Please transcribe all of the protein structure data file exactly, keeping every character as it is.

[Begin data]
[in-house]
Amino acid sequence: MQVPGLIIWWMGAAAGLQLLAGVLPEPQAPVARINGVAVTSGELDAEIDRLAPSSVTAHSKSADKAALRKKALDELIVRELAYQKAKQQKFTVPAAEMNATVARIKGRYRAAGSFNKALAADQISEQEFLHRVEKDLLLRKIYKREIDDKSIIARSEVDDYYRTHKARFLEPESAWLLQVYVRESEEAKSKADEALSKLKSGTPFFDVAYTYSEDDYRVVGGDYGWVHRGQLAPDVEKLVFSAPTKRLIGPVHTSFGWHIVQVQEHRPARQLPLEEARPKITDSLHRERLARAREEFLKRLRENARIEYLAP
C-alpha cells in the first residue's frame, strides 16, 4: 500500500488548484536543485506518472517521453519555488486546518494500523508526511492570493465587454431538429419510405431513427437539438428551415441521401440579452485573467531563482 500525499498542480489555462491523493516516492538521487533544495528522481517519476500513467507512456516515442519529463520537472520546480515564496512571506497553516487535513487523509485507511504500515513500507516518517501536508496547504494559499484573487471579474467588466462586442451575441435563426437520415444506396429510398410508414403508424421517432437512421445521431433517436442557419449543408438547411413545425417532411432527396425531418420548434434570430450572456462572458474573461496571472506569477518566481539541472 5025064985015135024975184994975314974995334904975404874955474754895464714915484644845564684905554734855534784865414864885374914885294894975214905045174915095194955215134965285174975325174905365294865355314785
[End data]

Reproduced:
[in-house]
Amino acid sequence: MQVPGLIIWWMGAAAGLQLLAGVLPEPQAPVARINGVAVTSGELDAEIDRLAPSSVTAHSKSADKAALRKKALDELIVRELAYQKAKQQKFTVPAAEMNATVARIKGRYRAAGSFNKALAADQISEQEFLHRVEKDLLLRKIYKREIDDKSIIARSEVDDYYRTHKARFLEPESAWLLQVYVRESEEAKSKADEALSKLKSGTPFFDVAYTYSEDDYRVVGGDYGWVHRGQLAPDVEKLVFSAPTKRLIGPVHTSFGWHIVQVQEHRPARQLPLEEARPKITDSLHRERLARAREEFLKRLRENARIEYLAP
C-alpha cells in the first residue's frame, strides 16, 4: 500500500488548484536543485506518472517521453519555488486546518494500523508526511492570493465587454431538429419510405431513427437539438428551415441521401440579452485573467531563482 500525499498542480489555462491523493516516492538521487533544495528522481517519476500513467507512456516515442519529463520537472520546480515564496512571506497553516487535513487523509485507511504500515513500507516518517501536508496547504494559499484573487471579474467588466462586442451575441435563426437520415444506396429510398410508414403508424421517432437512421445521431433517436442557419449543408438547411413545425417532411432527396425531418420548434434570430450572456462572458474573461496571472506569477518566481539541472 5025064985015135024975184994975314974995334904975404874955474754895464714915484644845564684905554734855534784865414864885374914885294894975214905045174915095194955215134965285174975325174905365294865355314785